I let time get away from me and neglected my blog, but after a very busy year, I'm back to it again. I will spend the next days getting caught up on what I've been doing, as I think much is of interest to others.
This summer, I'm finishing the manuscript for a book about Indians and horses, and my research for that book has taken me to special places in Montana, in books, and in my mind and spirit. For thousands of years, Plains Indians had no horses. When the Spanish came in the late 1500s, they brought horses with them, and by about 1750, all the Plains Indians had them, revolutionizing their cultures.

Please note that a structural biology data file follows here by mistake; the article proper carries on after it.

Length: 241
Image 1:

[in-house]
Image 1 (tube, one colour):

My first journey for this book was to Crow Agency, in southeastern Montana, for the annual August Crow Fair, nicknamed "The Teepee Capital of the World" because of the more than 1,000 teepees pitched there for the celebration. Indians from all over the U.S. and Canada come to participate in the rodeo and races and to socialize, and Crow families gather to catch up with their loved ones. Every morning the Crow people parade proudly through the camp, dressed in their finest outfits, riding their beautiful horses. It's a delightful occasion, and an opportunity to experience how this tribe has maintained its close relationship to horses despite all the horrors its people suffered as European Americans took over the prairies. My favorite part of the experience was watching the young people riding through camp bareback and hanging out on their horses around the rodeo grounds.